On Homecomings: Katherine Dunham’s Return To Guinea

Robert Adams Jr.
ON HOMECOMINGS:
KATHERINE DUNHAMS RETURN TO GUINEA

The following paper reflects a journey into speculative ethnography, a piece of ficto-criticism that explores Katherine Dunham’s return to the ancestors. The paper was presented during a special session of the 2006 American Anthropological Association annual meeting in San Jose. The session, entitled Performances in Honor of Katherine Dunham, was organized by Maria Vesperi.

Her legs are suddenly spry again. She moves easily, exerting the rhythm she never lost. She carries the huge shell that has long been her companion. She reassuringly strokes the spirals of the shell, knowing they symbolize the circular motion of life and death. As she walks down the road to Guinea, the rocks call out, “Adios, mami.” Is she dancing? It is so hard to tell as she approaches Kalunga, that blurry line that divides the living and the dead. She pauses. She shouts, “Honor!”— the typical Haitian greeting—as she arrives at the threshold of life and death. “Respect!” the ancestors, simbi, and rocks respond in unison, inviting her across the watery divide. She crosses over to a hero’s welcome.

How many bandleaders and musicians have readied themselves for her homecoming? They miss the way her movements lead their music to places they had never intended to take it. A slow argument is already brewing about which style of music will accompany her homecoming. Konpa? Jazz? Samba? Rhumba? Maybe they will put their heads together (“tet ansam”) and produce a sound that blends different styles and reflects the tremendous musical diversity of Africa and the African diaspora.

The ancestors are quite happy to welcome home their sister, daughter, teacher, friend, and lover. Those she has met as she danced, taught, studied, and shared her life in Dakar, Havana, Port-au-Prince, East St. Louis, and Chicago—to name a few of her earthly venues—come out to greet her. They are quite pleased she has come home for good this time. She is not on one of her regular nocturnal visits in search of wisdom, cures, or interventions. She has finally come home.

Again she is the center of male attention as Durmarsais Estime pulls up in his vintage 1935 Buick to welcome her. Her husband jostles to the front of the crowd in order to be the first to greet her. Her adopted son, rescued from the dangerous streets of Port-au-Prince, only to be eaten alive by the mean streets of East St. Louis, appears at her side. Langston Hughes, Nicolás Guillén, and Jacques Roumain take turns honoring her with poems in their native tongues. Maya Deren is busy framing the scene in anticipation of filming this long-awaited reunion. Zora Neal Hurston, anthropology’s Lady Day, sits in the corner, half hidden by shadow. She ponders whether to turn Katherine’s return into a story or an ethnographic account.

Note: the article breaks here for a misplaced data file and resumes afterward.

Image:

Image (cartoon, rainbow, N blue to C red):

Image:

Our beautiful Katherine turns to her admirers and secret sharers and recites the quote from Nietzsche that opens chapter 7 of Island Possessed: I could only believe in a god who would know how to dance; now I am without weight, now I am flying, now I see myself raised above myself, now a god dances in me. [Dunham 1994:117]

On both sides of the line, we nod our heads in agreement. We recognize that she actualized her divine nature. She produced a narrative that danced across the page and a dance style that spelled out humankind’s divinity. We are reminded in closing of her own words:

We danced, not as people dance in the houngfor, with the stress of possession or the escapism of hypnosis or for catharsis, but as I imagine dance must have been executed when body and being were more united, when form and flow and personal ecstasy became an exaltation of a superior state of things, not necessarily a ritual to any one superior being. [Dunham 1994:109]

We can all take a lesson from Katherine Dunham’s life. Hopefully, we can learn to unite our bodies and beings as we move through the dance of life, geared toward channeling our forms and flows into productive practices that reverberate beyond our singular selves.

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Artist Panels:  Grace McCammond

REFERENCES

Dunham, Katherine
1994[1969] Island Possessed. Chicago: University of Chicago Press.

Robert Adams Jr. is former Assistant Professor of International Studies at DePaul University in Chicago. He holds a Ph.D. in anthropology from the University of Texas at Austin. His research interests are the African diaspora, Afro-Caribbean religions, education, immigration, public policy, and social theory.

Transforming Anthropology, Vol. 15, Numbers 1, pps 1–2. ISSN 1051-0559, electronic ISSN 1548-7466. © 2007 by the American Anthropological Association. All rights reserved. Please direct all requests for permission to photocopy or reproduce article content through the University of California Press’s Rights and Permissions website, http://www.ucpressjournals.com/reprintInfo.asp. DOI: tran.2007.15.1.1.

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